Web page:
1. the way a person thinks and behaves
2. a position of the body
3. Informal a hostile manner
4. the orientation of an aircraft or spacecraft in relation to some plane or direction [Latin aptus apt]
Collins Essential English Dictionary 2nd Edition 2006 © HarperCollins Publishers 2004, 2006
Thinking and behaving (attitude) influence the world around us in ways obvious and not so apparent, but the effect is REAL, nonetheless. There are four basic kinds of people in business today. They can be best characterized by their attitudes:
Job Lover. A person can LOVE their job and may, read trade journals, spend hours over “working lunches/breaks,” have friends that are in the same industry, and also find time to seek out ways to even further improve work or business: By all appearances the MODEL worker – right?
WRONG this employee, business owner, or consultant may miss opportunities by erroneously thinking that all their hard work, without a doubt will benefit them. Throwing oneself into work so fully and energetically can create blinders not only to unexpected pitfalls in the business arena, but may also keep one from fully experiencing personal opportunities. In short, all work and no play makes Jane a dull girl!
Job Doer. Perhaps this Jack or Jane takes a more pragmatic approach: The job as a means to an end. Working like a dog might mean more enjoyable periods of time off, the ability to pay the bills, travel, take vacations, and/or enjoy hobbies. Sometimes it is just the little things – pride in a job well done, being responsible, just being a contributing member of society in general!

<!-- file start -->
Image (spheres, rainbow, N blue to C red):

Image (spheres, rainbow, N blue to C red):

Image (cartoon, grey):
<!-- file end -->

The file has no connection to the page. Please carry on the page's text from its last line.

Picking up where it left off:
Still, there is room for growth and self-examination. A job, business, or current opportunity (while it lasts!) can provide one with the basics, maybe more. Sure life IS good. BUT, in the current climate, one must be prepared for the unexpected and cannot afford to rest on one’s.
Job Hater. Again it does not matter the title – owner, worker, consultant, whatever. Folks in this category may bark out orders whenever possible, complain constantly, frown consistently, and criticize coworkers, boss, company in general. One wonders not how they are able to bring themselves to get out of bed in the morning, but why they are allowed to!
Typically, a person with this type of attitude has too much time and energy wrapped up in expressing these negative feelings that seem to build and explode in a never-ending torrent to consider opportunities. Blindfolded, often opportunities and anything else that could be construed as positive are missed.
Job what? Most readers will admit to knowing at least one of this type, who can be summed up by their perpetual query, “Why am I here?” They often call in sick whenever possible (especially when not), spend more time on personal business than work, miss meetings, deadlines, and are frequently late/miss work. This guy or gal is seldom a boss, but sometimes people get lucky and own businesses run effectively by the sweat of others! Regardless, one is left to wonder who benefits from this person showing up on the “job.”
Potential is buried by lack of caring and activity. Talk about hiding one’s light under a bushel! Opportunities are not only not recognized by this type, but are literally pushed aside….
Think about your attitude about work now. How is it affecting you and your opportunities – are you prepared to make a change if you need to? Who are you as an owner, employee, boss, or consultant? How do you present to others? Creating an up to date curriculum vitae or résumé help you develop a clear statement of who you are and what you have to offer to customers, employees, employers or bosses. In short, it can help you develop your own personal brand that can make you stand head and shoulders above others in your field.